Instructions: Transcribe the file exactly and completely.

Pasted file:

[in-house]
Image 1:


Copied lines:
[in-house]
Image 1: